English - Australian
    In theory the active participle can act like the verb from which it derives but in practice I have the impression that certain active participles (such as for example: تاجر ، معلم ، مسلم ...) are mainly used as a noun (substantive) to the point that when they are not used as a noun (substantive), the sentence doesn't sound idiomatic ???
    This is explanation that I proposed in post #15, but Elroy seemed quite certain that it is not the case.
     

    Ibn Nacer

    Senior Member
    French - France
    Salut,

    Jack,
    Je suis tombé sur ce passage :


    4 ـ ربما يتجرد اسم الفاعل من الدلالة على الحدث ، فهو حينئذ لا يعمل عمل الفعل .

    مثل : المعلم ، الطالب ، المزارع ، التاجر ، القاضي ، المجتهد .

    وكذا إذا أصبح علماً لشخص مثل : عابد ، راجح ، ياسر ، كارم ، ومحسن ومرشد .​


    Source : موقع اللغة العربية
     
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    jack_1313

    Senior Member
    English - Australian
    Salut,

    Jack,
    Je suis tombé sur ce passage :


    4 ـ ربما يتجرد اسم الفاعل من الدلالة على الحدث ، فهو حينئذ لا يعمل عمل الفعل .

    مثل : المعلم ، الطالب ، المزارع ، التاجر ، القاضي ، المجتهد .

    وكذا إذا أصبح علماً لشخص مثل : عابد ، راجح ، ياسر ، كارم ، ومحسن ومرشد .​


    Source : موقع اللغة العربية
    Again, this seems like the obvious explanation, but Elroy already dismissed it.

    Regarding the aforementioned informal survey I conducted, one of the two "experts" I consulted, namely the MSA teacher and copy editor/مدققة لغوية, recently noticed my original messages in which I asked her to elaborate further. She said فليس هناك سبب للرفض سوى أن الاستخدام غير شائع... لكن ما من خطأ.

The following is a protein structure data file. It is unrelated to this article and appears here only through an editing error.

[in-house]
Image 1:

At this point, I don't really know how this topic can move forward. Elroy and, to a lesser extent, Cherine and Samer seemed mostly certain that لاعبا is incorrect. However, despite the insistence that it violates rules, nobody has been able to produce any except ones that have been discounted (namely the idea that the verb's transitivity has some role, which I deemed unlikely via analogy in post #15, or the idea that it's wrong because some words have taken on specific nominal meanings and therefore are not used with verbal meanings, which Elroy dismissed in post #16). At the same time, when I suggested that it might merely be unidiomatic and therefore only incorrect if we consider unidiomatic to mean incorrect, Elroy called the idea "unwarranted conclusions" drawn out of frustration. Yet the informal poll I conducted (post #26), which included both laypeople and linguists, and Qureshpor's contribution (post #28) clearly favor this explanation. So in short, I don't think there's any chance of a consensus on this matter unless we can identify rules that it breaks and introduce them into the discussion, agree on one of the rules previously mentioned and dismissed, or agree that it simply violates common usage and is therefore descriptively incorrect but not prescriptively incorrect.
     
    Last edited:

    cherine

    Moderator
    Arabic (Egypt).
    Hi,

    I didn't have enough energy to read all the posts again, but when I re-read mine I was surprised at myself (and embarrassed too, really). I, now, don't see why I said that رأيت رجلاً لاعبًا مع كلبه is incorrect :confused: it sounds perfectly fine.
    Sorry if I caused any confusion. :oops: